Thursday, March 6, 2008

Relational Contracts and Modifications

So many businesses pursue long-term relationships for supply of products. A relational contract is generally thought of as an agreement of an ongoing nature between two or more parties that the parties modify to address changing business needs. U.C.C. section 2-209(2) expressly recognizes the enforceability of a contractual clause prohibiting subsequent oral modification. Recognizing the need for flexibility in commercial transactions that underlies the policy of the U.C.C., section 2-209(4) acknowledges that the parties may waive such a clause. Businesses often use the no-modification clauses as a matter of stock-terms and conditions. Yet, business practice may suggest that the parties actually desire more flexibility in their day-to-day dealings. The question becomes how much flexibility in defining the scope of the relationship do parties to formal agreements really desire in fact, especially in the face of a no-modification contract clause?

The tension between relational contracting and firm contract terms came up recently In Italverde Trading, Inc. v. Four Bills of Lading Numbered LRNNN 120950, LRNNN 122950, LRNN 123580, and MLSNV 254064, 485 F. Supp. 2d 187 (E.D.N.Y. 2007). After a freight forwarder seized a shipment of pasta in payment of a debt, the pasta manufacturer, Delverde SpA (“Delverde”), sought to establish that title to the pasta passed to the buyer, Italverde Trading, Inc. (“Italverde”), upon delivery to the shipper. The parties to the pasta sales agreement had a no modifications clause in their sales contract. The contract between Delverde and Italverde provided that Italverde would not gain title to the pasta until Italverde received the pasta in the United States, but Italverde argued that the parties waived this provision. First, the Delverde shipping invoices used the delivery term “CIF.” Ultimately, the court found this evidence inconclusive since the effect of the CIF term would depend on whether the parties understood the term as being used under the INCOTERMS, which does not govern title, or the U.C.C. section 2-320, which would. Second, the Italverde CEO testified that he understood that Italverde had title to the pasta when it was positioned on the ship. The court concluded that the inclusion of the CIF term on invoices, the lack of objection by Italverde and the testimony of the Italverde CEO were insufficient to establish as a matter of law that the parties had waived the no oral modifications provisions regarding title to the pasta. At trial, Italverde and Delverde would have the burden of proof to show the parties waived the transfer of title provision from the contract.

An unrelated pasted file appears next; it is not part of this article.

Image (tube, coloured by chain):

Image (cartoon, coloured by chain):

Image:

Perhaps this argument was created just to avoid the loss of the pasta to freight forwarder. But, on the other hand, title and risk of loss issues are often important to parties involved in shipping. If Deverde and Italverde did in fact change the contract’s title provisions through practice developed over time, as we might expect in a relational contract, then denial of the change undermines the intention of the parties. The common inclusion of non-modifications clauses as boilerplate in contracts may turn out to be a pitfall to parties to longer term contracts who often leave some of their contract terms behind as their business develops.

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